This is also because the cost of termination is extremely high for both the parties. The Tatas/Mistry case comes to mind immediately. Both parties generally prefer to play by the maxim: if you can’t be friends, at least part as friends.
Malicious Use of the Power of Termination
Resignations happen for a variety of reasons, which include desire to move to greener pastures, challenging assignments, foreign postings, desire to pursue different interests, etc.
No employer likes to lose a good resource. Immediately after an efficient employee tenders his/her resignation, they are cajoled with promises of accelerated increments, bigger roles etc. Yet, many employees tend to stick with their decision to move on. Good employers wish them luck and accept the finality.
Yet, there are some employers who feel offended or like to use the opportunity to settle personal scores. They go to any length to ensure that employee’s reputation is maligned and/or his/her career is ruined.
This can be simply achieved by issuing a termination letter, no matter whether it is illegal. Would any new employer then touch such an employee? The answer clearly is a big NO. The employee’s career and reputation would be. Who would like to hire a cook whose previous employer alleges, rightly or wrongly, that the cook tried to poison her?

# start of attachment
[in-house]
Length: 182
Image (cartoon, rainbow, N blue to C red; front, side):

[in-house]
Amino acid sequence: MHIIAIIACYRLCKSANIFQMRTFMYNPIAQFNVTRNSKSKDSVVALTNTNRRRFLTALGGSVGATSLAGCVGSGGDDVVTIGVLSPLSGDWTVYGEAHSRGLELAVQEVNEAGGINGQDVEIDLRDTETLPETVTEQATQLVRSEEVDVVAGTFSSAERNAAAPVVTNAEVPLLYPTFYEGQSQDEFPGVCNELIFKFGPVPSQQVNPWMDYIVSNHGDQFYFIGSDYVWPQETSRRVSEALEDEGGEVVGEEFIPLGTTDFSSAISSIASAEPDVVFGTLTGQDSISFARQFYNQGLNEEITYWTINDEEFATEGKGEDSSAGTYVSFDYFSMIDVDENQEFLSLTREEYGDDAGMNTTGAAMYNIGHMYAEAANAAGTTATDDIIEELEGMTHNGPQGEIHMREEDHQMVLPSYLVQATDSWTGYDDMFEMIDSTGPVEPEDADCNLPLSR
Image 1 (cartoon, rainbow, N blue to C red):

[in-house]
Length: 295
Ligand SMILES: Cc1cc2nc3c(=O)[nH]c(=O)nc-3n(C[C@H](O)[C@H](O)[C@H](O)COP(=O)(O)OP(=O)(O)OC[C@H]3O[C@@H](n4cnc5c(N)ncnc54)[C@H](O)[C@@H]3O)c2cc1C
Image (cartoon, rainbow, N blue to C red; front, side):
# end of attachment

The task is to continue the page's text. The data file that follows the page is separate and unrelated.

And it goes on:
Purpose of Termination
The purpose of termination of an employment contract is to sever the relationship between an employee and the employer. It is immaterial who makes the first move.
Even if some unacceptable facts come to light after an employee has tendered his/her resignation, an employer must certainly take things to their logical conclusion in accordance with the law to set a strong deterrent for others. Issuing a termination letter at this stage serves no meaningful purpose, and should therefore be infructuous and illegal.
The larger impact on society must not be missed either. Afraid of the retaliation and illegal use of the potent weapon of termination by employers, employees are reluctant to blow the whistle on the wrong doings of their employers. Three decades after the Harshad Mehta scam, financial scams continue to increase in size and by numbers. Ultimately, it is the common man who bears the brunt.
Article 19 of the Constitution bestows on every citizen a right to practice any profession or to carry on any occupation, trade or business. Right to live life with dignity is an inseparable part of Article 21.
Clearly, fundamental rights could be violated if employers are allowed to sabotage an employee’s career by issuing a termination letter after an employee has tendered his/her resignation.
Let 10 guilty persons go scot free but not one innocent should be punished, so says criminal jurisprudence. Likewise, let no employee’s career be ruined for life by a revengeful, irresponsible employer by maliciously issuing a termination letter after an employee has tendered his/her resignation.
Clarity on legal issues and fast-tracking of such cases would be a boon for employees and the society at large.
The writer is a senior finance professional who has earlier worked as CFO of Tata Telecom and Pricewaterhousecoopers (India). The views are personal.